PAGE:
Combe Martin is a resort situated in a sheltered valley on the western fringe of the Exmoor National Park. The large village is located close to some of the most stunning coastal scenery in the area. There are spectacular views across the bay to dramatic headlands beyond and the small, peaceful cove has changed little over the years. Boats are still moored in the harbour, although there are probably more pleasure craft than fishing boats these days.
At low tide there are large expanses of golden sand accessible in addition to a sheltered sandy cove, making the area ideal for family holidays. The nearby countryside and coastline has numerous footpaths and bridleways for walking and riding.
Combe Martin claims to have the longest main street of any village in the country the street winds along the valley for more than two miles. The Pack of Cards Inn was built in 1626 by George Ley of Marwood, to celebrate a large win at cards. The building has 52 windows (one for each card in the pack), 4 floors (one for each suit) and 13 doors on each floor (one for each card in the suit). The whole structure is said to resemble a pack of cards in a heap.
About a mile inland is the church of St. Peter ad Vincular a red sandstone building. The southern door of has a Sanctuary Ring. The Sanctuary Ring was clutched by fleeing criminals who were thus able to escape arrest and imprisonment, providing they confessed their crimes and left the country. The practice was abolished in the 17th century. This is a tranquil setting with a small stream running by the churchyard wall.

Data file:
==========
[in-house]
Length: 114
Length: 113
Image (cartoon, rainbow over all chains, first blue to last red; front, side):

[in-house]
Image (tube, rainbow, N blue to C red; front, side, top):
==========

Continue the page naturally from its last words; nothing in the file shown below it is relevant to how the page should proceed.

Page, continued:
Each year on the Spring Bank Holiday Combe Martin celebrates the traditional ceremony of the Hunting of the Earl of Rone. This is a traditional pagan hobby horse procession, followed by a chase through the woods in pursuit of the Earl. When he is caught, he is placed backwards on a donkey and led in a procession to the beach where he is finally dumped in the sea.
Combe-Martin bed and breakfast
From the 13th until the 19th century, both silver and lead were mined in Combe Martin. In addition, iron ore was mined from the beach beneath the Little Hangman, a 700 feet high hill close to the village. Manganese was also mined not too far away. Nothing remains of these enterprises today apart from a few lonely ruins.
The views from both the Little Hangman and the higher Great Hangman are well worth the effort. These are the high points of the edge of Exmoor, offering views of the moors and the coastline.
A short way along the coast from Combe Martin is the tranquil village of Berrynarbor, a regular winner of both the Britain in Bloom and Best Kept Village awards. The narrow streets of the village are free from the more obvious signs of tourism and both the church and the stone arcades are worth visiting.
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